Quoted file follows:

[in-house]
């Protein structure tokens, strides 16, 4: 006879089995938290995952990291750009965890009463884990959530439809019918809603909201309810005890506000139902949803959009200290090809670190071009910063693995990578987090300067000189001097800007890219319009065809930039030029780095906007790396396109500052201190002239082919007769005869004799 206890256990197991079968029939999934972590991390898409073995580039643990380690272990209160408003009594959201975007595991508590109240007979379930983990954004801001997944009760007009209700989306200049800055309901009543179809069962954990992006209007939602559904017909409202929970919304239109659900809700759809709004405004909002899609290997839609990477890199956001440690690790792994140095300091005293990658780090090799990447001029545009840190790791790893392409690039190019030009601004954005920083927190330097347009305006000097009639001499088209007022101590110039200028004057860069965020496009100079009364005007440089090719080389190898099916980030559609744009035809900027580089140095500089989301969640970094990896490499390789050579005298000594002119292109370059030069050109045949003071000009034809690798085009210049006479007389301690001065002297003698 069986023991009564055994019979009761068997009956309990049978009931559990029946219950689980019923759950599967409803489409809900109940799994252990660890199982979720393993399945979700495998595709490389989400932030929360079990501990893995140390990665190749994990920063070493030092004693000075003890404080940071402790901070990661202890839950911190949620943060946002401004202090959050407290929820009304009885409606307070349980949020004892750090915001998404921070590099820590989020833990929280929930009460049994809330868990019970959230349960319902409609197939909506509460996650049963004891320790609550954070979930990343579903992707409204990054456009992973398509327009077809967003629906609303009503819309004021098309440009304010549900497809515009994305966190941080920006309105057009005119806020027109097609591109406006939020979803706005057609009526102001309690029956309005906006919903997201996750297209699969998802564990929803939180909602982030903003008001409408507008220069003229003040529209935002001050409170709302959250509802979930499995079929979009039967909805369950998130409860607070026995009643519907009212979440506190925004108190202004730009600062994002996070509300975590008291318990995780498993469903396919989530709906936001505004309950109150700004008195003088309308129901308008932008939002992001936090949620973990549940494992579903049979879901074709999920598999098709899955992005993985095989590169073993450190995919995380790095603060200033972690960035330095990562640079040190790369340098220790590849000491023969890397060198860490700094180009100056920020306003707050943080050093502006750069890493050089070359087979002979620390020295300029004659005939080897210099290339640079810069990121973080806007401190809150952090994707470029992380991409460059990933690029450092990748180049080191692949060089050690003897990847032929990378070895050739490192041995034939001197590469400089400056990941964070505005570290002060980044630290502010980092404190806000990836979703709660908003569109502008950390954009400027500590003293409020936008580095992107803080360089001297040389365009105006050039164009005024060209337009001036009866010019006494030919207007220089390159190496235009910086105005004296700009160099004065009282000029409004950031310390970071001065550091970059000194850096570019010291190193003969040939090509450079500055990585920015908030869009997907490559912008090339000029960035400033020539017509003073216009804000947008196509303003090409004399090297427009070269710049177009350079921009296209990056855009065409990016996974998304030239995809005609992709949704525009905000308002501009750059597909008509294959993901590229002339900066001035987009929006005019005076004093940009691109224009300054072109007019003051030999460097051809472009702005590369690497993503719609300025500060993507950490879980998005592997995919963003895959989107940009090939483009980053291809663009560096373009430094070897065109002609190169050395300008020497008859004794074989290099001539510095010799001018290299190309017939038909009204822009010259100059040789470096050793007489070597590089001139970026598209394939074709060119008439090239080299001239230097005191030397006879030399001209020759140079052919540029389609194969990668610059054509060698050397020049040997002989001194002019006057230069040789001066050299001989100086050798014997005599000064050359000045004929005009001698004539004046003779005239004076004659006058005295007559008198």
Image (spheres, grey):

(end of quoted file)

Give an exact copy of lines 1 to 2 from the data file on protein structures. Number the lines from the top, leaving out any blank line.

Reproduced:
[in-house]
């Protein structure tokens, strides 16, 4: 006879089995938290995952990291750009965890009463884990959530439809019918809603909201309810005890506000139902949803959009200290090809670190071009910063693995990578987090300067000189001097800007890219319009065809930039030029780095906007790396396109500052201190002239082919007769005869004799 206890256990197991079968029939999934972590991390898409073995580039643990380690272990209160408003009594959201975007595991508590109240007979379930983990954004801001997944009760007009209700989306200049800055309901009543179809069962954990992006209007939602559904017909409202929970919304239109659900809700759809709004405004909002899609290997839609990477890199956001440690690790792994140095300091005293990658780090090799990447001029545009840190790791790893392409690039190019030009601004954005920083927190330097347009305006000097009639001499088209007022101590110039200028004057860069965020496009100079009364005007440089090719080389190898099916980030559609744009035809900027580089140095500089989301969640970094990896490499390789050579005298000594002119292109370059030069050109045949003071000009034809690798085009210049006479007389301690001065002297003698 069986023991009564055994019979009761068997009956309990049978009931559990029946219950689980019923759950599967409803489409809900109940799994252990660890199982979720393993399945979700495998595709490389989400932030929360079990501990893995140390990665190749994990920063070493030092004693000075003890404080940071402790901070990661202890839950911190949620943060946002401004202090959050407290929820009304009885409606307070349980949020004892750090915001998404921070590099820590989020833990929280929930009460049994809330868990019970959230349960319902409609197939909506509460996650049963004891320790609550954070979930990343579903992707409204990054456009992973398509327009077809967003629906609303009503819309004021098309440009304010549900497809515009994305966190941080920006309105057009005119806020027109097609591109406006939020979803706005057609009526102001309690029956309005906006919903997201996750297209699969998802564990929803939180909602982030903003008001409408507008220069003229003040529209935002001050409170709302959250509802979930499995079929979009039967909805369950998130409860607070026995009643519907009212979440506190925004108190202004730009600062994002996070509300975590008291318990995780498993469903396919989530709906936001505004309950109150700004008195003088309308129901308008932008939002992001936090949620973990549940494992579903049979879901074709999920598999098709899955992005993985095989590169073993450190995919995380790095603060200033972690960035330095990562640079040190790369340098220790590849000491023969890397060198860490700094180009100056920020306003707050943080050093502006750069890493050089070359087979002979620390020295300029004659005939080897210099290339640079810069990121973080806007401190809150952090994707470029992380991409460059990933690029450092990748180049080191692949060089050690003897990847032929990378070895050739490192041995034939001197590469400089400056990941964070505005570290002060980044630290502010980092404190806000990836979703709660908003569109502008950390954009400027500590003293409020936008580095992107803080360089001297040389365009105006050039164009005024060209337009001036009866010019006494030919207007220089390159190496235009910086105005004296700009160099004065009282000029409004950031310390970071001065550091970059000194850096570019010291190193003969040939090509450079500055990585920015908030869009997907490559912008090339000029960035400033020539017509003073216009804000947008196509303003090409004399090297427009070269710049177009350079921009296209990056855009065409990016996974998304030239995809005609992709949704525009905000308002501009750059597909008509294959993901590229002339900066001035987009929006005019005076004093940009691109224009300054072109007019003051030999460097051809472009702005590369690497993503719609300025500060993507950490879980998005592997995919963003895959989107940009090939483009980053291809663009560096373009430094070897065109002609190169050395300008020497008859004794074989290099001539510095010799001018290299190309017939038909009204822009010259100059040789470096050793007489070597590089001139970026598209394939074709060119008439090239080299001239230097005191030397006879030399001209020759140079052919540029389609194969990668610059054509060698050397020049040997002989001194002019006057230069040789001066050299001989100086050798014997005599000064050359000045004929005009001698004539004046003779005239004076004659006058005295007559008198």